Home Video Reviews
The sarcasm starts early and doesn't let up. Star reporter Wally Cook (Fredric March) has been exiled to the obituary department for inadvertently making his paper the Morning Star the butt of a cheap hoax. To make amends with his publisher Oliver Stone (Walter Connelly), Wally rushes to the small Vermont town of Warsaw to get an exclusive on Hazel Flagg (Carole Lombard), a young woman expected to die in just a few weeks from radium poisoning. Wally suffers at the hands of the locals, who are hostile to all strangers and particularly newsmen from New York. It just so happens that Hazel's quack of a doctor, Enoch Downer (Charles Winninger) has discovered that his diagnosis was completely wrong, that she isn't going to die after all. Excited by the prospect of being flown south for an all expenses paid madcap Manhattan weekend or two, Hazel decides not to inform Wally about her miraculous "recovery". Greeted as a combination angel and martyr, Hazel is cheered by thousands and given the Key to the City. She's toasted and sobbed over wherever she goes. So touched is Wally by the beautiful Hazel's courage that he's inspired to propose marriage, for the little time she has left. Oliver is overjoyed to be sponsoring such a newsworthy, and non-fraudulent, person. But Hazel knows that "her little secret" will probably get both her and Wally tarred and feathered.
Nothing Sacred begins with an outrageous non-PC joke that completely justifies the film's title. There's this black potentate from the Far East, see, who has promised to fund the construction of a vast civic project sponsored by the Morning Star. This Magi in a turban (Troy Brown) isn't exactly who he says he is. Writer Hecht next aims his lampoon at the hostility of the Vermont locals toward city folk. A monosyllabic baggage man (Olin Howland) and a stingy storekeeper (Margaret Hamilton) shock Wally with their rudeness and lack of generosity. It's so bad up in Warsaw that a tiny kid runs out and bites Wally on the leg, just out of meanness.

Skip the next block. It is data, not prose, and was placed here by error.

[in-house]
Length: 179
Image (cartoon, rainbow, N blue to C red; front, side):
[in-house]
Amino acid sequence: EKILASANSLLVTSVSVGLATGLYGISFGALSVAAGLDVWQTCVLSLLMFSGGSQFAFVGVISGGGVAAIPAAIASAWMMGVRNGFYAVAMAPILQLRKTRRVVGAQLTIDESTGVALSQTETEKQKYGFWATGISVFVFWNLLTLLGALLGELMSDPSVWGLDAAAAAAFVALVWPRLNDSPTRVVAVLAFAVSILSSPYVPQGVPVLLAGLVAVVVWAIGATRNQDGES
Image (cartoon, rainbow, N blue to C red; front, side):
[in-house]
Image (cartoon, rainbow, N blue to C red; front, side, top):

Carole Lombard's Hazel Flagg is so bored with rural Vermont that she volunteers herself and Dr. Downer to be honored and worshipped without thinking of the consequences. Vermont's most famous resident can't wait to get a taste of urban corruption. For the weary Oliver Stone the reveal of the truth would mean more embarrassment and disgrace. A group of bearded medical experts (including Sig Ruman and Monty Wooly) realize this immediately. After they give Hazel their own tests, they adjust their bill for services for keeping the results confidential. Meanwhile, the Big Apple's generosity is expressed in ever more grotesque ways. One nightclub builds an entire floorshow around Hazel, comparing her to great women in history. Everywhere she goes, Hazel sees at least one person that can't keep from crying, thinking about her imminent demise. And she doesn't know how to handle Wally's reverent, worshipful gestures. No wonder Hazel's responds to her bizarre predicament by getting totally soused.